God who is love creates freely and unnecessarily and in love intends all he creates to participate in and reflect in its own measured way his divine goodness, and to this end God endows human beings with the freedom to determine themselves relative to the excellencies of their unique God-given purpose or telos. And so far as creation is free to self-determine, the future is open (‘causally open’) and this openness would be reflected in God’s knowledge of the world as well (thus ‘divine epistemic openness’ or ‘dynamic omniscience’). That much is just open theism—explicitly stated.

To say this much is both to end and to start a conversation. Brought to an end are those debates over what open theism is and the vision it promotes. That conversation has come to an end, however much we might need to revisit it. Hopefully not much. But having said this, another conversation has just begun, for this narrow ‘open theistic’ proposition is an invitation to explore strange new worlds, to seek out new life, to go where no…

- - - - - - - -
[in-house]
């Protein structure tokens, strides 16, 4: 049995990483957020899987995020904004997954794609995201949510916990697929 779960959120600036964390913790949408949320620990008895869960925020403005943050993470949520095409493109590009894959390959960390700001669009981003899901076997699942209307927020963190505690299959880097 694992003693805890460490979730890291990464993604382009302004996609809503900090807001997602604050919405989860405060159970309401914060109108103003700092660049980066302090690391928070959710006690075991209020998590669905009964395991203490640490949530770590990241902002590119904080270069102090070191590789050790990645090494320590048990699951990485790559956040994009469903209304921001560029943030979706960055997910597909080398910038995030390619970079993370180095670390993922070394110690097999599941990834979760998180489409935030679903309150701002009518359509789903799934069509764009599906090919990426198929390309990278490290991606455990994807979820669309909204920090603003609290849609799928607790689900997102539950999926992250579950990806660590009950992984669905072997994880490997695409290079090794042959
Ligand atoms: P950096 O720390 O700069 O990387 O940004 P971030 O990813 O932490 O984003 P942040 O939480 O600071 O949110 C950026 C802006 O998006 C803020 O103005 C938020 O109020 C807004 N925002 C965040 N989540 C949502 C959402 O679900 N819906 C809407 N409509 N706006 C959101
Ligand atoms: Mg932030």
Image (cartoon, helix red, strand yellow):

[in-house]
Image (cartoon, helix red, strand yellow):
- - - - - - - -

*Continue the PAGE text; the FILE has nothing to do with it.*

…Sorry, got carried away there. These five propositions don’t drop out of sky in self-contained packages. They all have their own arguments and entailments. In this sense open theism is a journey, and exploration, and its map, you might say, is just P1-5. But the map isn’t the territory. Actually visiting these locations reveals more as you approach the details of each landmark.

Creation ex nihilo, for example, has to mean the perfections of divine being/existence do not require a created order of any kind. This is commonly called divine aseity. But what might these perfections be? What is it about God’s self-sufficient fullness that requires nothing of or from any kind of created order but yet remains free to fully enter into the world’s becoming as its ground and telos? In what sense are we to understand God, free from the world in his self-sufficiency, to be love? What is it to posit ‘divine benevolence’ — a core conviction of open theism — within the context of divine aseity and the absence of the world’s contributions?